Here are two histograms that show height distributions of 50 male professional baseball players and 50 male professional basketball players.

2. Write 2–3 sentences that describe the distribution of the heights of the basketball players. Comment on the center and spread of the data.
3. Write 2–3 sentences that describe the distribution of the heights of the baseball players. Comment on the center and spread of the data.

### Activity Synthesis

Select a few students to share their descriptions about basketball players and baseball players. After each student shares, ask others if they agree with the descriptions and, if not, how they might revise or elaborate on them. In general, students should recognize that the distributions of the two groups of athletes are quite different and be able to describe how they are different.

Highlight the fact that students are using approximations of center and different adjectives to characterize a distribution or a typical height, and that, as a result, there are variations in our descriptions. In some situations, these variations might make it challenging to compare groups more precisely. We will study specific ways to measure center and spread in upcoming lessons.

Representing, Writing: MLR1 Stronger and Clearer Each Time. Use this routine to give students a structured opportunity to revise and refine their written responses to the questions about describing the distribution of heights of basketball and baseball players. Ask students to meet with 2–3 partners, to share and get feedback on their responses. Provide listeners with prompts for feedback that will clarify the descriptions about the distributions shown in the histograms (e.g., “What details about the histograms are important are important to describe?”). Finally, give students time to revise their initial written responses to reflect input they received. This will help students write descriptions of the center and spread of distributions displayed in histograms using precise language.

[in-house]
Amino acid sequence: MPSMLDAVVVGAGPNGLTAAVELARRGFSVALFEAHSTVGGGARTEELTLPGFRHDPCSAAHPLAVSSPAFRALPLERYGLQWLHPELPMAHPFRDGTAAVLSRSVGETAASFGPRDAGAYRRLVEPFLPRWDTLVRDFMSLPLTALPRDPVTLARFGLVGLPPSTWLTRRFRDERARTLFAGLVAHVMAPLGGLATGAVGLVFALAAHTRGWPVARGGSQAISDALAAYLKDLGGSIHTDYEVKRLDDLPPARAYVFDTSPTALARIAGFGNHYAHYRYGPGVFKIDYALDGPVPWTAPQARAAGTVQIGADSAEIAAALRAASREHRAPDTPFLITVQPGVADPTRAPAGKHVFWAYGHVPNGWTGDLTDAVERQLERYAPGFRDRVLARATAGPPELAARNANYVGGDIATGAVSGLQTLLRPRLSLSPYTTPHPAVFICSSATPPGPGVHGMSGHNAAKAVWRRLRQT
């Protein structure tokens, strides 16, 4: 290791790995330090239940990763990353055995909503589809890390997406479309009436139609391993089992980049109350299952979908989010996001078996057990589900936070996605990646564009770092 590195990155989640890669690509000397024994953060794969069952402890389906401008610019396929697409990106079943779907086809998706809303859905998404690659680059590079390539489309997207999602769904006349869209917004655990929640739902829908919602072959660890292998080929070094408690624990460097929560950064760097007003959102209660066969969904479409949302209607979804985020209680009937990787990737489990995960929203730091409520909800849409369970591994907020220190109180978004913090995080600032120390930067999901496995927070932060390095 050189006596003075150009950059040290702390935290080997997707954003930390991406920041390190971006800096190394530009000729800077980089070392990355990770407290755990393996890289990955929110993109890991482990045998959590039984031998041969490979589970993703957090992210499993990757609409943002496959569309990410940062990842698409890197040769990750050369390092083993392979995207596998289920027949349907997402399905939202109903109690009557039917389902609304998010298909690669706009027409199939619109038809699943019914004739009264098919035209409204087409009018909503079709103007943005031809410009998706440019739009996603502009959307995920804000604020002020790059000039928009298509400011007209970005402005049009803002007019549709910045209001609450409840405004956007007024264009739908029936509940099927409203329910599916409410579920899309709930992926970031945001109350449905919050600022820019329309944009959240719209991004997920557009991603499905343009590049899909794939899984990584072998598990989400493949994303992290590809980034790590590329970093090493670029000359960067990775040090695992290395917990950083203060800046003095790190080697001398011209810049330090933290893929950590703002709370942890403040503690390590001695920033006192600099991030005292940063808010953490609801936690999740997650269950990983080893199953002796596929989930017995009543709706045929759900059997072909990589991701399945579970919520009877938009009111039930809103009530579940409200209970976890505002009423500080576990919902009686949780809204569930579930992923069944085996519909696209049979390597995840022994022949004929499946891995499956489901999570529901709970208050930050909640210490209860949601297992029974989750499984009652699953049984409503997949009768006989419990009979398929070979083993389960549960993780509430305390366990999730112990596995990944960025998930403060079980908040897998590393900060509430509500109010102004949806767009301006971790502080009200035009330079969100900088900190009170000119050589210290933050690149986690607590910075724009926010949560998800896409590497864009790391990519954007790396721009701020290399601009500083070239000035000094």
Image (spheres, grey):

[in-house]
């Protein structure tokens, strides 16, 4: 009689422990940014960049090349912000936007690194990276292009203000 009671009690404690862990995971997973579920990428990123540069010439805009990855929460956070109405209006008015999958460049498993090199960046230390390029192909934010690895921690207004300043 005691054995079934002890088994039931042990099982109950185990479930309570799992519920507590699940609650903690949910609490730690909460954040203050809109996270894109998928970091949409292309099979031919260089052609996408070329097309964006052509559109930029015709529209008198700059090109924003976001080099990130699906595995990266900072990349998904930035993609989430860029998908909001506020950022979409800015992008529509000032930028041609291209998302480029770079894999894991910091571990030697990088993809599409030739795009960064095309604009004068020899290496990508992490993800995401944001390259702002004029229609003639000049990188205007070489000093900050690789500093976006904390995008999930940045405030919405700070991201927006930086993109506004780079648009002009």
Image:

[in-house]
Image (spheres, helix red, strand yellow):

Design Principle(s): Optimize output (for explanation); Maximize meta-awareness

## Lesson Synthesis

### Lesson Synthesis

In this lesson, we learn about a different way to represent the distribution of numerical data—using a histogram. Ask students,

Once we have a histogram drawn, we can use it to answer some questions about a data set.

• “How would you describe a typical weight for this group of dogs?” (Dogs in this group typically weigh around 20 to 25 kilograms)
• “What can we say about the spread of the dog weights based on this histogram?” (There is a fairly wide range of weights represented from around 10 kilograms up to a little over 30 kilograms.)
• “In general, what information does a histogram allow us to see? How is it different from a dot plot?” (A bigger picture of the distribution is shown in the histogram, but some of the detail is lost when compared to a dot plot. For example, this histogram does not show the weight of any individual dogs.)

## Student Lesson Summary

### Student Facing

In addition to using dot plots, we can also represent distributions of numerical data using histograms.

Here is a dot plot that shows the weights, in kilograms, of 30 dogs, followed by a histogram that shows the same distribution.